The Choice of One's Companions

Louis Berkhof

1. The Necessity of Choosing Companions.

This necessity follows in the first place from the fact that man is a sociable being. He feels the need of and takes great delight in the company of others. The boys and girls that go to school, and the man on his way to work, all seek their companions. And the neighborly visits of women testify to their sociability. A normal person cannot be truly happy without the of others. The recluse and the hermit are abnormal beings.

But it is not only necessary that man have companions; he should and generally does deliberately choose his associates in life. In the animal world we also notice the workings of the social instinct, but we can hardly say that the animals choose their companions. Man, however, is a free, self-determining moral being, and therefore can and should intelligently choose his comrades.

2. The Importance of Making a Careful Choice.

Great care must be exercised in choosing one's companions, since we come in contact with all kinds of people, cheerful and gloomy, kind-hearted and brutal, wise and foolish, persons of bad and of good moral habits, pious and wicked people.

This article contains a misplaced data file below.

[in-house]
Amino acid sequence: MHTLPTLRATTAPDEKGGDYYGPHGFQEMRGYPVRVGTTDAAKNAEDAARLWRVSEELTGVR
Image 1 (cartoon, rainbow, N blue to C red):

Those whom we choose will always exercise some formative influence on us. We may not be conscious of this at the time, yet their influence will work steady and sure. Their thoughts, their words, their conduct and all their deeds will make a lasting impression on our minds.

This is particularly the case if we are still young. Then, as a rule, we have no firm convictions and no sufficient will-power to resist the influences that act upon us from without. And if they are evil--we are easily led astray.

3. The Proper Procedure in Choosing Our Friends.

It is necessary, first of all, that we make a prayerful choice. Let us never forget the significance of prayer in this respect. In connection with this we should allow ourselves to be guided by the Word of God.

In the second place it is incumbent on us to pay particular attention to the moral character of those whom we contemplate as our friends. Moral character is of far more consequence in this respect than physical or mental ability. Choose above all, those who fear the Lord.

Moreover, in the third place our young people should never forget to consult their parents in the choice of their friends and must always heed their advice, since these see things far better as a rule than they do.